This Entrepreneur’s Travel Business Really Grown During the Pandemic – Here’s What It Says About Buyer’s Psychology

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At the start of 2020, our company Next vacation is very successful. Global tourism continued to increase; according to The Guardian, the World Tourism Organization recorded 1.4 billion international arrivals in 2018, a record at the time. Business was booming and millions of people traveled to parts of the world they only imagined visiting in their wildest dreams.

Then a little something called Covid-19 happened, and like many companies in the hospitality industry, we found ourselves completely devastated. The acquisition of new customers immediately fell by 90%. Our core value proposition – traveling to new destinations around the world on a budget – was suddenly and severely hampered.

Navigating the pandemic as the CEO of a travel agency has required me to be relentless in both innovation and optimization. Not only did we survive, but we actually grew up, and May 2021 was our second highest month in company history.

The adjustments we have made can apply to business leaders and entrepreneurs in many different industries. Here are three things we learned about buyer psychology along the way as we went through the downturn.

Related: Why travel should be a top priority for every entrepreneur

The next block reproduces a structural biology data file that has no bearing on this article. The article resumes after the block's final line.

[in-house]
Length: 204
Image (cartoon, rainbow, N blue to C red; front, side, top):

Customers don’t buy a service, they buy a feeling

In a nutshell, my company helps people find domestic and international flight deals for a subscription of $ 25 / year. Obviously, people didn’t want to fly in 2020. Although our acquisition dropped significantly, we still had new customers signing up every day, and many of our existing customers were renewed for another year. . Why was that?

In our research, new customers said that feeling hopeful that they would someday travel again was the main reason they bought. Even though they weren’t planning on flying anytime soon, they wanted new flight deals in their inbox every day to remind them of what vacations were like and dream of going to new places while locked in. at home for months. For a travel addict, holding onto a sense of the urge to travel was tangible enough to have monetary value.

Harvard Professor Gerald Zaltman’s Book How customers think: essential insights into the spirit of the market notes that 95% of consumer brand decisions are in fact unconscious. Customers don’t just buy products and software; they also buy out of instinct or out of a feeling. In our case, customers bought from Hope and wanted to familiarize themselves with a service that they could later benefit from.

Related: 8 psychological tips to increase conversion rates of SaaS startups

Examine every detail of the conversion process

This customer information warmed our hearts, but the point was, business was still down. The huge loss of new customers has forced us to review our user journey with a fine tooth comb. Did every word of copy speak to the hopes and dreams of our potential clients? Was the onboarding experience smooth as silk? Did every facet of the brand make our audience feel inspired, retained and supported?